Governors and premiers of desperately energy-poor New England states and eastern Canadian provinces called on experts last week for advice on how to reduce their dependence on high-priced and diminishing supplies of oil, natural gas and coal.

From two days of workshops aimed at providing the region's political leaders with projects and polices to further alternative energy development, however, emerged only general resolutions that demonstrated the difficulty of regional cooperation and the still embryonic state of alternative energy.

Moreover, the experts complained that their hosts - six governors and five premiers don't really take alternative energy - whether it is solar, hydroelectric, wood or wind - seriously.

"The fundamental problem is that the coming crisis is further away than the next election," grumbled one participant.

"Is there a commitment to alternative energy on the part of our political leaders?" asked Joseph Levangie of the Northeast Solar Energy Center.

"There are political realities to be dealt with," answered Steven Millan of Canada's Department of Mines and Energy, in a statement echoed by others warning that any recommendations from this conference would be "blown out of the water" if the participants suggested giving one political jurisdiction in the area something its neighbors might covet.

Wallace Bowley of the University of Connecticut illustrated the difficulty of Washington's doing business with alternative energy proponents with a joke: "The federal government is an elephant and when it looks around for something to have intercourse with, it looks for another elephant. The solar energy business is a mouse."

Businessmen in the field began to express their frustration as the conference wound toward its conclusion and talk swung toward drafting a statement for the governors and premiers to issue that would stress there is an energy crisis.

"You know I find it depressing to have to prove to out premiers and governors that there is a crisis. This is ridiculous," said Robert Wygant, who runs Solar Energy Systems Inc. in Prince Edward Island.

The conference did come up with some recommendations, which will be submitted soon to the governors and premiers for delibration at the annual meeting of the political leaders in June.

As New Hampshire Gov. Meldrim Thompson Jr. made clear at the outset here, not all the political leaders are ready to throw all available support to alternative energy.

"This region will continue to be depressed until we solve the problems of energy," Thomson said. "What's practical is to continue to develop nuclear energy. We know it's clean and it's safe."

Alternative forms of energy, whether from water, wind, the sun or wood. Thomson said, are highly experimental. "We have not arrived at a point where any one of these justifies [large scale] development."

Again and again at the conference, sponsored by the New England Regional Commission and the Council of Maritime Premiers, people cited a pool taken in the United States last year.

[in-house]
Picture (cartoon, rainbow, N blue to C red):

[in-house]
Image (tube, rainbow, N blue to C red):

"When half the country doesn't realize that we import oil, it becomes a real restriant on energy policy," said Harry Swaine of Canada's Department of Energy, Mines and Resources.

Federal money, as at most conferences, was a major topic. These "mice" working on renewable energy sources are highly conscious of the federal monies that have been poured into subsidies of oil and nuclear development.

"If we took the federal money given to nuclear and burned it," Bowley joked, "we'd probably replace the amount the solar energy being used."

Ron Alward of the National Center for Appropriate Technology was one of a few who spoke of a future in which Americans and Canadians would not have all the energy they wanted available all the time. "You're going to have to adapt your use patterns to less stable supplies," he warned.

The question of big vs. small divided some participants. In the hydro workshop, George Baker, its cochairman, pointed to initial Canadian provincial and federal government approval of $30 million in planning to harness the tides in the Cumberland Basin of the Bay of Fundy.

The project, would ultimately cost $1.1 billion in 1976 dollars, Baker said, would produce 1,085 megawatts from the 36-foot mean tide.

Most other participants are interested in reviving 3,000 small dams throughout New England , which might provide 3,000 megawatts among them. Most of the dams were built for mills or other factories and fell into disuse over the last 50 years with the arrival of cheap oil and gas.

Rhode Island Gov. J. Joseph Garahy told the conference of Department of Energy plans to build a 200 foot-high wind turbine on Block Island. He made it clear that for him this windmill is a crucial test of wind power. "If it doesn't work on Block Island, it probably won't work at all," he said. Block Island has a mean wind velocity of almost 17 miles per hour.